Inside the NICU: Valuable Tips for NICU Parents
Valuable Tips for NICU Parents
Parents dream of that unforgettable moment when they hold their newborn baby in their arms for the first time. When Vicki Moore gave birth to a full term, 8-pound, 12-ounce baby boy, she had no idea he would end up spending a week in the Neonatal Intensive Care Unit (NICU). “When you pack your hospital bag, you take for granted that you will give birth and be released the following day,” Moore says. “We did not expect to be in the NICU seven days.”
Each year 10-15 percent of babies born in the United States are admitted to the NICU because of premature birth, heart defects, infection or breathing irregularities, according to Parenting.com. Soon after the birth of Moore’s son, doctors discovered he had a congenital heart defect and had been having neonatal seizures. He would need to be admitted to the NICU until he was stable.
While parents do a lot to prepare for the birth of a child, learning about the NICU is typically not on the to-do list. In the United States alone, roughly half a million babies are admitted to the NICU each year. So to be best prepared, parents-to-be should educate themselves, and the true experts to learn from are parents who have been through the experience. The information they share gives you a glimpse into what you can really expect during a NICU stay. Here are some of the most valuable tips.
Don’t give up hope
The rule of thumb is that babies born prematurely will typically go home around their due date; however, this is not always the case. NICU babies have to learn to breathe, eat, suck, swallow and maintain their own body temperature before they are released. “Be patient with your baby’s progress. The ultimate goal is to bring home a healthy baby. Just take it one day at a time.” says Carrie Hamerle of Olathe. “They will come home when they are ready.”
Katie Bain, whose daughter was born at 23 weeks gestation, says, “Never give up hope. When given statistics of survival rate or chances of your baby’s having one of many major health concerns or developmental delays, it can be hard to stay positive.” She recommends seeking out online support groups and blogs that are filled with positive outcomes. “You need to give yourself a lot of positive self-talk,” says Amanda Peters of Gardner. “If you can’t do that, surround yourself with people who can do that for you. For me, that meant reminding myself of others who have successfully made it through the NICU experience.”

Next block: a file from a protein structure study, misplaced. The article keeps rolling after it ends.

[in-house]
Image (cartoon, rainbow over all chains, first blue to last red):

Work as a team
“Remember you are part of your child’s medical team and that you all have the same goal,” says Jenifer Wilson of Kansas City, MO. The NICU staff’s main goal is the health and well-being of your child, but the parent plays a big part in Baby’s care, as well. “Ask as many questions as you can, then ask more,” says Jennifer Robinson of Olathe. “Ask about your baby’s condition and care, but also ask about resources available for financial and emotional support.”
NICU doctors save lives
“I wasn’t prepared for some of the things we saw and neither was my husband. We could see the doctors working on babies to save their lives. Incredibly heartbreaking,” says Jenna Mrnak of Bowman, ND. NICU doctors are truly saving the lives of babies on a daily basis. Currently, the survival rate for NICU babies in the United States is 98 percent. Three decades ago, that number was closer to 25 percent. While babies’ struggles are heartbreaking to witness, the statistics are encouraging, and there's comfort in the knowledge that miracles happen in the NICU.
Four years ago, when I found out I was expecting triplets, I was told it was highly likely they would spend time in the NICU due to premature birth. I was so grateful to other parents for sharing their knowledge and encouragement with me as our family faced that challenging time. Our NICU experiences were one of the most difficult seasons my family has walked through. Even so, I find myself looking back fondly because I am more aware of how miraculous life is. It is a stressful place to be, but the NICU staff is there to do everything possible to get your baby well and home with your family.
Common NICU Terms
Adjusted Age: The child’s age minus the number of weeks he or she was born early. Adjusted age is calculated until approximately age 2.
Apnea: When a baby stops breathing for 20 seconds or longer, also known as an “episode” or a “spell,” and is commonly associated with low heart rate (bradycardia).
Blood gases: The amount of oxygen, carbon dioxide and degree of acidity in the blood.
Bradycardia (“Brady”): An abnormally low heart rate due to a pause in breathing.
Continuous Positive Airway Pressure (CPAP): Tubes are attached to a ventilator, and oxygen is delivered through a baby’s nostrils. This helps the baby breathe but does not breathe for her.
Incubator (or Isolette): An enclosed bassinet used to keep preemies warm.
Kangaroo Care: Skin to skin contact between parent and baby.
Nasogastric Tube (NG Tube): Flexible tube inserted through the nostril, down the esophagus and into the stomach. It is used to give food or remove air from the stomach.
Room air: This is the air we breathe without oxygen support.
Ventilator (or respirator): A mechanical breathing machine that delivers air to a baby’s lungs. The ventilator breathes for the baby as his lungs recover.
Sarah Lyons is a proud mother of six who writes from her home in Olathe. The inspiration for this article comes from her experiences in the NICU after the birth of her 4-year-old triplets.